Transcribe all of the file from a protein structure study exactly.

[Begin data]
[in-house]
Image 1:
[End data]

[in-house]
Image 1: